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A Bank Breakthrough in China?


For an investment partnership so firmly rooted in the U.S., Newbridge Capital has done surprisingly well in Asia. Newbridge is an offshoot of Texas Pacific Group Inc., whose principal, David Bonderman, has made a fortune several times over by investing in such properties as Continental Airlines Inc. and American Savings Bank. But at the height of the Asian crisis a few years ago, Bonderman couldn't resist making a play for what he saw as a cheap property: Korea First Bank. Newbridge's team gave Korea First a bracing dose of Bonderman's trademark risk management and profit focus and turned it around.

Now Newbridge has embarked on a new and much more ambitious Asian adventure--an investment in a mainland China bank. Hong Kong financial sources say Beijing has given the green light to the sale of a controlling stake in state-owned Shenzhen Development Bank to Newbridge. The sale would mark the first time a foreign institution has controlled a Chinese bank since the 1949 Communist Revolution. "The deal will help Shenzhen Development Bank become more market-oriented," says a Chinese financial official.

If Newbridge can pull off the transaction, it will accelerate the quickening process of change in China's banking sector. As part of China's entry into the World Trade Organization last December, Beijing promised that foreign banks would have full access to the Chinese market by 2006. That has forced Chinese officials to redouble their efforts to upgrade the financial knowhow of local banks. In turn, foreign banks are eager to tap a fast-growing market that boasts $1 trillion in deposits.

The deal would have Newbridge buying the nearly 20% of Shenzhen Development Bank that is now held by Chinese government entities. That's enough to give the San Francisco-based private-equity firm control of the board of directors, because 72% of the bank is held by the public. The bank declines to confirm the deal, although it said in a statement to the Shenzhen Stock Exchange that it has received approval "in principle" from authorities. "We are still in talks with several foreign strategic investors and haven't settled on a final plan," the bank said in the statement. Officials at Newbridge and the Chinese government entities either couldn't be reached for comment or declined to comment.

Pricing is a potential stumbling block, since the price and the deal are subject to due diligence. Last year, HSBC Holdings PLC bought a noncontrolling stake in the Bank of Shanghai for 1.67 times book value. Shenzhen Development Bank has a book value of almost $500 million, so if Newbridge used the same formula as HSBC, a 20% stake would cost about $167 million.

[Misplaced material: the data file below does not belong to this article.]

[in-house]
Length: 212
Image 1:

Shenzhen Development Bank was the first bank--and one of the first companies--to go public in China. Founded in 1987, it launched its initial public offering during the earliest days of China's securities market, in 1988. Reflecting that pioneer status, its stock symbol is 000001. The bank's strong financial performance helped spark China's first bout of stock market fever back in 1989, with its share price tripling in the first half of 1989.

More recently, the bank's share price shot up in mid-June on rumors that Shenzhen was discussing a linkup with foreign buyers. Overall, shareholders who have held on to the stock for the past 10 years have seen a total return of 427%, compared with 63% for the Shenzhen A-share index.

The bank seems to have avoided the worst of China's banking mess, helped by its youth and its base far from the corridors of power in Beijing. Its bad loans as of June comprised just 6% of its portfolio. That compares with the estimated 50% nonperforming-loan ratio at China's four largest state banks. Shenzhen had been growing 30% a year before hitting an air pocket in 2001, when it made additional provisions for possible bad loans. Profits fell last year but rose 41% in the first half of this year, to $38 million.

If Newbridge's record at Korea First is any indication, the firm is likely to bring in a coterie of executives with foreign experience to revamp and westernize Shenzhen's business practices. It also will likely try to expand the bank's small consumer-banking business. Newbridge's example could change the way the money game is played in China. That could mean good profits for Newbridge. But more important, it could mean a big boost for better banking practices in China. By Mark L. Clifford in Hong Kong


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